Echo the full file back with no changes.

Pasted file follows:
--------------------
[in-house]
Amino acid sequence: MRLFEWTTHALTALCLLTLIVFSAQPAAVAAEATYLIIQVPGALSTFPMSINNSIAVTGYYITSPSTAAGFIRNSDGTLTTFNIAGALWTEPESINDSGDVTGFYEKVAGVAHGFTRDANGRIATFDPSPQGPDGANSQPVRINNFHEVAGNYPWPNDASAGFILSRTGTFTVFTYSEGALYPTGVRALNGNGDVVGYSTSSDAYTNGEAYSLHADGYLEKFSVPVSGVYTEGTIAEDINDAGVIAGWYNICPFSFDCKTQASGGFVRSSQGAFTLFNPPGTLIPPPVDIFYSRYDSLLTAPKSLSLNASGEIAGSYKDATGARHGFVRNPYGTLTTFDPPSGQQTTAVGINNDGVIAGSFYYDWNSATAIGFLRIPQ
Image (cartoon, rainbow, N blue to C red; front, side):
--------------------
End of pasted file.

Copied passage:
[in-house]
Amino acid sequence: MRLFEWTTHALTALCLLTLIVFSAQPAAVAAEATYLIIQVPGALSTFPMSINNSIAVTGYYITSPSTAAGFIRNSDGTLTTFNIAGALWTEPESINDSGDVTGFYEKVAGVAHGFTRDANGRIATFDPSPQGPDGANSQPVRINNFHEVAGNYPWPNDASAGFILSRTGTFTVFTYSEGALYPTGVRALNGNGDVVGYSTSSDAYTNGEAYSLHADGYLEKFSVPVSGVYTEGTIAEDINDAGVIAGWYNICPFSFDCKTQASGGFVRSSQGAFTLFNPPGTLIPPPVDIFYSRYDSLLTAPKSLSLNASGEIAGSYKDATGARHGFVRNPYGTLTTFDPPSGQQTTAVGINNDGVIAGSFYYDWNSATAIGFLRIPQ
Image (cartoon, rainbow, N blue to C red; front, side):